In a drunken bout of featuritis someone thought it would be a good feature to add “wrappers” to fopen() so you can use it to download files from HTTP, FTP, open archives, and so forth.

Of course, this may or may not work, depending on the value of allow_url_fopen. Every PHP installation behaves different!

There are some problems with this; for starters it’s rather hackish. How do you get the response headers? Why, with a special magically created $http_response_header variable of course!

But much more seriously, it can be a pretty big security problem. You should of course always validate and/or sanitize user input, but it’s a fact of life that occasionally attackers find creative ways to bypass this. These stream wrappers will escalate the severity of these sort of attacks, not infrequently to a remote code vulnerability1.

So, what now?

So, what about the rest of the standard library?

One PHP fan might reply to this article with something along the lines of: “so fopen may have serious shortcomings, but that’s only one function out of thousands!”

Well, yes, but many functions in PHP suffer from similar problems (and some, such as proc_open(), are even worse).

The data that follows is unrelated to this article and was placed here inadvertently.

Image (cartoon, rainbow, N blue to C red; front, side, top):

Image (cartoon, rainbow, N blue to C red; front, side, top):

I chose to highlight a single example in depth, rather than list a large list of things.


PHP has made some decent progress in the area of language features (we can do function_call()[1], woohoo!), but I believe the largest problem always has been – and continues to be – the lack of quality in the standard library. I’ve used fopen() as a single example here, but I could have used many others.

The lack of good errors is a common problem, not only with fopen(). Other problems include standard library functions missing features, leaving you to re-implement them yourself (this is probably why PHP frameworks are so popular, they attempt to fix much of the standard library).

All of this makes that PHP is not suitable for reliable & robust systems programming, or, indeed, for any sort of programming at all. Often, the counterparts in C are actually better, and if C has features that your ‘high-level’ programming language does not have, then I think you’re probably doing something wrong…

Can it be fixed? Maybe. But changing public APIs is difficult. There is a lot of code that assumes the existing API, and if you break too much, It doesn’t matter how much better you make it, any people will stick to the old version rather than use the new version (see: Python 3, Perl 6).

Perhaps we shouldn’t fix PHP. There are plenty of alternatives available with a similar feature-set. Why do we need PHP? If you ask me, investing time in PHP is a sunk-cost fallacy.

  1. This is an even bigger problem with include() and friends, where these wrappers also work. include($malicious_input) will “upgrade” an information disclosure bug (which is already serious) to a remote code exploit. Botnet operators of the world rejoice! Thankfully, this behaviour is now off by default, but it took the PHP folk a while to realize this was even a problem since allow_url_include wasn’t introduced until 2006.